Echoes Across Cinema: The Charlie Chaplin Story

| | February 19, 2024

In the beginning of the early days of cinema, there was a man by the name of Charlie Chaplin. A young man from England, Charlie Chaplin wanted to act; he greatly desired to be in front of the camera at all time. He would go on to create a persona that the entire world itself would fall in love with. Charlie Chaplin had a unique charisma about himself, able to capture the essence of the everyman, using his acting abilities to turn his emotions and feelings into a commanding physical presence. Indeed, Charlie Chaplin changed the world for film and became one of the most famous stars of the silent movie era to date. It has even been said that there has never been another actor as famous as Charlie Chaplin.

Charlie Chaplin was born and raised in the city of London in 1893. This time period was one of undue hardship on the young lad, for his father had died quite early, around the time that Charlie was 10, leaving the boy to fend for himself with his mother. This was a dark time for Charlie, as his mother had been committed to a sanitarium due to the fact that she had mental health problems attributed to a bad case of syphilis.

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Charlie was left to fend for himself in that time, unable to find comfort with his mother due to the fact that she would never again fully be returned to a state of being able to care for the boy. He was forced to live in an orphanage and try to get what little schooling he could from a school for the poor.

Despite the rough situation that he had come from, his parents had given a beautiful gift to Charlie. They had both given him a love for acting. Charlie’s father had been a vocalist and his mother had been a singer and actress. They had passed a love for the stagecraft that had quickly infected the young Chaplin and left him desiring to be on the stage someday.

So, Charlie Chaplin began to perform and even from a young age, he was a hit. His charisma, energy and enthusiasm quickly captivated people in a variety of different stage plays and vaudeville shows. Eventually he was invited to tour across America with the Fred Karno Comedy Company, doing a vaudeville act where Charlie was quick to develop a hilarious character portraying a drunken fool. This vaudeville act was quick to garner the attention of many people and soon he was invited to do work on a film, taking in an excellent sum of money for the time period.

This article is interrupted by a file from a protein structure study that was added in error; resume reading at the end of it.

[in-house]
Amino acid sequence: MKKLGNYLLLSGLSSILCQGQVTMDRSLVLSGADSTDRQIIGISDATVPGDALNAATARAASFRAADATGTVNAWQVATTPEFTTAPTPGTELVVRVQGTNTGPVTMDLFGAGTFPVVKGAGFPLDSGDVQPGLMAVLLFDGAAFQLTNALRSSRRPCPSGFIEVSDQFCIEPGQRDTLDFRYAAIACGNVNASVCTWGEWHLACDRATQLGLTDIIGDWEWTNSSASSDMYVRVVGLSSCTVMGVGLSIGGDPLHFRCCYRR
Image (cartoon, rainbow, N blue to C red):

In December 1913, he joined the Keystone motion picture company in the hopes of being able to assist them in the creation of a film. It was here that he developed his classic slapstick character, known as The Tramp. Charlie Chaplin was most famous for his portrayal of the tramp, a comical man wearing a suit, with a short mustache a tall hat, baggy trousers and a cane. The tramp was nothing more than a goofy, comical individual with physical comedy oozing out. The tramp was a hobo more or less, a vagrant who dressed fancifully, acting as if he were a gentleman despite the fact that he was an impoverished buffoon. This character was so pivotal to the silent movie era due to the fact that it was a very physical role. Charlie Chaplin captured the imagination and the empathy of millions with this character, and would essentially go on to be one of the most legendary figures within the silent film era.

At Keystone, Charlie Chaplin also began to focus on learning how to direct film. In fact, he was regarded as somewhat of a perfectionist when it came to producing movies. Charlie Chaplin’s process of film creation was incredibly involved, as he spent most of his time focusing on creating organic scenes of comedy. He didn’t script out what he was doing, rather than create large scripts with many details, he focused merely on ideas for a scene. For example, he would have a scene known as “a man walks into a bar.: And that was it, those were the only notes on the scene. And then he would go about creating hundreds of takes; thousands if necessary. This process was extremely taxing on all those who were involved with the film, but Charlie Chaplin really didn’t care. He had a habit of being his own movie financer, giving him the luxury of putting as much time wanted to for each production. His films became extremely successful due to this process and he often enjoyed the financial benefits of his choices.